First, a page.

Toothpicks are made of dry wood.
In this simple experiment, we will turn broken toothpicks into an expanding star.
Before you start, be sure to watch the video below.
The second part of the video has been sped up 4x times
So don’t be discouraged if your star doesn’t expand as fast as mine.
If you are getting new toothpicks for this experiment, try to look for the multi-color pack to make a colorful star!
This experiment is so much fun. See how the toothpicks glide into place to form a star right before your eyes.
- 5 wooden toothpicks
- a dropper or a drinking straw
- adult supervision
- Bend the 5 toothpicks in the middle but do not break them completely.
- Put the 5 broken toothpicks in a circle with the broken points touching one another.
- Carefully put a few drops of water in the middle using a dropper or a straw.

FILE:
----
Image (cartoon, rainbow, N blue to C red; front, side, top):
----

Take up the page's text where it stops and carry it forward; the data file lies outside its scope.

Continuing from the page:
- Now wait and watch how the toothpicks glide into place to form a star!
Video: The second part of the video has been sped up 4x times. So don’t be discouraged if your star doesn’t expand as fast as mine.
When dry wood absorbs water, the bent wood fibres expand and unbend. As the toothpicks straighten out, they push against one another opening up the inside of the star.
But how does wood absorb water?
Wood absorbs water by capillary action, adhesion and cohesion.
These are the same factors that allow plants to carry water from the roots upwards through vein-like tubes to the leaves.
Want more water science experiment?
Water science is so much fun.
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